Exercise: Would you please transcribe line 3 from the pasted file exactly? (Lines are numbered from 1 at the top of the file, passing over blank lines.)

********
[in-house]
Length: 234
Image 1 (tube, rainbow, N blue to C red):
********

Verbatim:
Image 1 (tube, rainbow, N blue to C red):